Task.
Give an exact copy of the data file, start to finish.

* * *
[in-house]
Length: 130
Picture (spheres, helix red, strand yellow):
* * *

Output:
[in-house]
Length: 130
Picture (spheres, helix red, strand yellow):